Moon Over Manifest is a deserving winner of the Newbery Award, however, I doubt if students will gobble it down en masse. The historical fiction sticker on the spine of a book is akin to a sticker of death. Then again, I have been pleased with the number of students who have enjoyed The Evolution of Calpurnia Tate (Texas 1899). Students who enjoyed that book and books by Richard Peck should be directed to Moon Over Manifest. It is historical fiction set in the small, fictional town of Manifest, Kansas. Abilene and her father, Gideon, have been drifting town to town during the Depression. One summer, her father sends Abilene to Manifest for the summer, while he takes a job elsewhere. She spends the summer trying to figure out why it is to Manifest she was sent and who is her daddy – what is his background, his story. Readers get a snapshot of the town in 1918 sending their boys off to WWI then in 1936 struggling with the depression and Dust Bowl. The story goes back and forth in time beautifully, revealing cons and schemes hatched and linking the generations. This book is definitely worth the read. The book nagged at my brain during the day – it stayed with me so that I eagerly snatched bits of time here and there to read.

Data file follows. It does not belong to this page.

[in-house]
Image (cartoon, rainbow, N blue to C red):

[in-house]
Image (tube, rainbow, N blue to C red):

Linger effect! (Linger effect means the story stayed with me long after I finished and into my next read.)
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